In The Loop (Sat. evening Apr. 18, 2009, Odeon Kensington #4, 1.5 slithy toads) was a British movie that had gotten some decent reviews. I decided to go in part because I'd walked by the Odeon Kensington on every trip to London without ever actually seeing a movie there, and I decided it was high time. In that regard, I was able to peek in to the big screen (#3) and see that it is a very nice and very big balcony theatre that will be worth keeping in mind for the future. I wasn't sure I should go because this was a late show on the same day as my castle walk, and I was tired. And in that regard, In The Loop did not help keep me awake. It's a political satire spun off from a British TV show. A cabinet minister puts his foot in mouth about the war in Iraq. The media minister scolds him. Efforts to improve situation only make it worse. Minister is exiled to DC to a study committee on the war. Only makes things worse. The media minister curses up a storm wherever he goes, he's modeled after some minister in the Tony Blair cabinet but maybe for us in the US think of a minister who's Dick Cheney talking about Pat Leahy or Rahm Emanuel with his famous temper and then taken not just to 11 but to 18 on the dial. Most of the laughs (and not just to me but also the handful of other people in the audience) are from this one character's abundantly foul language. Otherwise, I don't want to say it's bad, but it's not very good either. It's just a little flat, the occasional chuckle or wry observation but badly in need of something more.
I've had good luck seeing movies at the Odeon Covent Garden, what used to be the ABC Shaftesbury Avenue. In fact, I believe the very first movie I ever saw in London was the delightful comedy East is East in 1999 at this theatre, and Arlington Road is another film I quite liked which I saw here. So let's add The Damned United (Sun afternoon. Apr. 19, Odeon Covent Garden, Aud. #1, 3 slithy toads) to that list. This is a sports movie with an excellent pedigree that is unlike any sports movie you might have seen in the US in the past 30 years. Michael Sheen, who plays David Frost in Frost/Nixon and Tony Blair in The Queen, here plays Brian Clough, a British football (i.e., soccer) coach who gets his dream job taking over the Leeds United team from his arch-rival, well-played by Colm Meaney. The script is by Peter Morgan (also Frost/Nixon, also The Queen) and director Tom Hooper did the highly regarded John Adams mini-series for HBO. So as I said, good pedigree, and I should also single out Timothy Spall who adds wonderful supporting work as Clough's right-hand man and Jim Broadbent is in the cast as well. So we all know this script, new coach takes over from arch-rival and it leads up to the big game where the new coach goes up against the old coach and wins dramatically. And since I wasn't familiar with Clough's real-life story (and this movie is adapted from a novel based on Clough's story by David Peace, said novel all over bookstores in the UK), I kept waiting eagerly for the movie to tick off all of the sports movie cliches I am so fond of and so used to. The big moment when the new coach goes up against the inherited players and makes the team his own. But you know what, that's not what happens. Clough fails miserably, the holdover players mutiny, management sides with the players, and several weeks into the season Clough is booted off the job and forced to beg his right-hand man whom he'd abandoned to take his dream job to re-up on their pairing. It's not really a sports movie at all but rather a fascinating character study of a man in need, who has to have someone or something to balance his insatiable drive and lacking that drives himself off a cliff. It's an excellent movie. I don't know if it will come to these shores, but if it does you should seek it out.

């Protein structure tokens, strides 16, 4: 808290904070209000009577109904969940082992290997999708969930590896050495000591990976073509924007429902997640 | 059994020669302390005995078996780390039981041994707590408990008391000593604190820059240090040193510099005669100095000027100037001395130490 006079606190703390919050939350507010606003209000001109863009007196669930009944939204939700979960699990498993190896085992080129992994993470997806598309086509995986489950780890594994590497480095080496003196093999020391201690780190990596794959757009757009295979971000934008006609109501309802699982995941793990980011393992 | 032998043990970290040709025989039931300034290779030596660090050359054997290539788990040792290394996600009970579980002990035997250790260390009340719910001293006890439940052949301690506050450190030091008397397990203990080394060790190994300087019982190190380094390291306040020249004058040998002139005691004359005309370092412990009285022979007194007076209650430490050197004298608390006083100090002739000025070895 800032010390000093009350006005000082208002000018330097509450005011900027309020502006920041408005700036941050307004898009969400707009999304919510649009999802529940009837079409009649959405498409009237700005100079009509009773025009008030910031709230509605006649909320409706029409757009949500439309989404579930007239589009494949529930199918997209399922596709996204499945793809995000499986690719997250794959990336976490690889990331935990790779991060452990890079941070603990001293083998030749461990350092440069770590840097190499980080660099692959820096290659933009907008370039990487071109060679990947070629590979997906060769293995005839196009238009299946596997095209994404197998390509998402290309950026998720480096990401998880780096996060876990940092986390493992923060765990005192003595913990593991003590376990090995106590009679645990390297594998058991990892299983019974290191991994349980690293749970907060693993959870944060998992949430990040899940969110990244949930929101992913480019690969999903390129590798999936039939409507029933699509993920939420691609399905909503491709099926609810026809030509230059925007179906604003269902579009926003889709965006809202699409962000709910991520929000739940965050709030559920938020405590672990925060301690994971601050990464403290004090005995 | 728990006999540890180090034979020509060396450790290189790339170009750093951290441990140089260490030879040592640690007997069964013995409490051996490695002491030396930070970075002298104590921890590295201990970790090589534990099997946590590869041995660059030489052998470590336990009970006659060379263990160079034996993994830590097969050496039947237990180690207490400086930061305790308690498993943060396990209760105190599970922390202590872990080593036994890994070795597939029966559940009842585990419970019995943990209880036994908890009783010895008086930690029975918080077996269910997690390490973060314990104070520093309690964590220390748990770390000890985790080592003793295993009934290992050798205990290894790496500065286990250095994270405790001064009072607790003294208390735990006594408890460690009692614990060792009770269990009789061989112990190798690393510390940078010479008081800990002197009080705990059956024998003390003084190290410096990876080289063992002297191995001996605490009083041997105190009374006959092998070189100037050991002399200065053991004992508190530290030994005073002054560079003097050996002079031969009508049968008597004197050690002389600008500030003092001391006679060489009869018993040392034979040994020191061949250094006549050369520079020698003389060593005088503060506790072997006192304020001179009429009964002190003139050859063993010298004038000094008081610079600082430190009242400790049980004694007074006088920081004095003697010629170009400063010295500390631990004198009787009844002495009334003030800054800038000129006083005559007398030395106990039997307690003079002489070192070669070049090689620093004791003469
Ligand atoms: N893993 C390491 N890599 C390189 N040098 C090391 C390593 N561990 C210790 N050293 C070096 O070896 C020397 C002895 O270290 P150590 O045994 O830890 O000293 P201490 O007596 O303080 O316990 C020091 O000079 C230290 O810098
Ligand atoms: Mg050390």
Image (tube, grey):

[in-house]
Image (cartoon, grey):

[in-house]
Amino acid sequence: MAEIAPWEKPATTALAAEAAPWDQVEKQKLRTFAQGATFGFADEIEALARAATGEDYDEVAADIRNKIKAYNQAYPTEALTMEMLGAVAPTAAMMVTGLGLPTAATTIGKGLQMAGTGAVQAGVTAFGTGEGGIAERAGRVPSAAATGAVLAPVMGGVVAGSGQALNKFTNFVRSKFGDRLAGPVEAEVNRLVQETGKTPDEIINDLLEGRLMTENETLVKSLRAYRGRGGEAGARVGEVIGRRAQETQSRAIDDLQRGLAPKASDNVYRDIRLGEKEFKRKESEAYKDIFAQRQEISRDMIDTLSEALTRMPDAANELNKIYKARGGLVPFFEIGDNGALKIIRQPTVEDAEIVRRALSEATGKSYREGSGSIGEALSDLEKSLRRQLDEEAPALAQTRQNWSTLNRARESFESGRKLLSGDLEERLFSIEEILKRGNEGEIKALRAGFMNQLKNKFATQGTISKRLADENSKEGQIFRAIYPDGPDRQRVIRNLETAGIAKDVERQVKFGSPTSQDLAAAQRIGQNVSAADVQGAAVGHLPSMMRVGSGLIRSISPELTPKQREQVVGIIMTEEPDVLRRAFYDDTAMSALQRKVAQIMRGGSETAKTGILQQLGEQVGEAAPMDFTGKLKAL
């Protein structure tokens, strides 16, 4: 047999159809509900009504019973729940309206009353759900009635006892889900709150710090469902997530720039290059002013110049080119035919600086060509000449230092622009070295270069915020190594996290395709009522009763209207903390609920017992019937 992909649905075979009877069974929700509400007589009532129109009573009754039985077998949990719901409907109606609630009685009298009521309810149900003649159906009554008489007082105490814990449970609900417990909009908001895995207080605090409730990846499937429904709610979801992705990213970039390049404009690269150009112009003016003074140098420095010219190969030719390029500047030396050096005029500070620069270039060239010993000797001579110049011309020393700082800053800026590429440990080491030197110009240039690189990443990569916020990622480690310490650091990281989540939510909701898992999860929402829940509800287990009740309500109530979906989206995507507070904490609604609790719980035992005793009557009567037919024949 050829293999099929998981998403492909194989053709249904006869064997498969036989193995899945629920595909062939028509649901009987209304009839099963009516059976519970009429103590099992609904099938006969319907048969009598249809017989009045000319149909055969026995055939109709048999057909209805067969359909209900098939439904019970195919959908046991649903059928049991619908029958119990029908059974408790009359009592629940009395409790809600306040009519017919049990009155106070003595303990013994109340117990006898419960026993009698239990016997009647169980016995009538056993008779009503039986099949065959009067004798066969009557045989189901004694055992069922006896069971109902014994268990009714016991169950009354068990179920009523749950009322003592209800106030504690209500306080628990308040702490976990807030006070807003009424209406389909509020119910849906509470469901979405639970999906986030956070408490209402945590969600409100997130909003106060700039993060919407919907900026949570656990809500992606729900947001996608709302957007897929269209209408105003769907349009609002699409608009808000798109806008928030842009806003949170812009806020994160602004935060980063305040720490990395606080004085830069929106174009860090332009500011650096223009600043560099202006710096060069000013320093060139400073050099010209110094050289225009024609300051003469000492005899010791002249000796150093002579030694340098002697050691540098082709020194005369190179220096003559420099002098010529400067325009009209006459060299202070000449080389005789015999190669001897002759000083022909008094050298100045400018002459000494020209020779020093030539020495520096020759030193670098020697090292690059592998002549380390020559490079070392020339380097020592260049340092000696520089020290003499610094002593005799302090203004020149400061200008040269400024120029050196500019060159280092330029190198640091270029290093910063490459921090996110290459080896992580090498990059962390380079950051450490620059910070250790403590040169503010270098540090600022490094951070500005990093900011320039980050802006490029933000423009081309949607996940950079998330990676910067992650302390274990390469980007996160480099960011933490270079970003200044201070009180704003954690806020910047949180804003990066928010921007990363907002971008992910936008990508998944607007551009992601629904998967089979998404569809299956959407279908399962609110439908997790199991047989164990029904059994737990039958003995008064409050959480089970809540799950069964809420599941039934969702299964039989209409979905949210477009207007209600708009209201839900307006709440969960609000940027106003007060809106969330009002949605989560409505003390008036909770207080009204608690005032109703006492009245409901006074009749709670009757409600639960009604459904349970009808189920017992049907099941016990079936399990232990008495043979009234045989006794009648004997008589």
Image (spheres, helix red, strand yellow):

My final UK movie would be a treat no matter how the movie was because it was playing on the main screen at the Empire Leicester Square. This is one of the nicest movie theatres in the world, I feel safe in saying. It's a somewhat small scale version of Radio City, with a huge huge screen and wonderful sightlines and excellent sound. There are multi-colored lights in the auditorium that cycle thru so you can just admire that while you wait for the movie, and then as the film is about to begin the lights in the auditorim give way to a twinkling firmament above the screen. I love going to this theatre. It is a true Cinema Treasure. The movie was State of Play (Wed. eve. April 22, 2009, 2.5 slithy toads). This is a well-acted and well-made thriller with a frisson of old-time All The President's Men excitement and lots of appeal to a newspaper sentimentalist such as myself. The ending starts to tie itself up in a few knots too many. But Russell Crowe good, and Ben Affleck, and Helen Mirren, and Rachel McAdams, and Jeff Daniels. I could find quibbles, and I'm giving this only a moderately favorable rating instead of a very favorable one, but bottom line is that it is well-acted, it does entertain, and I would say to see this when it comes out on video.
If I were in London today, my ambivalence about seeing Terminator Salvation would resolve, because any movie you have even the tiniest desire to see, when you can do it on the big screen at the Empire you want to do it because the evening will be a special occasion regardless. I love the Empire.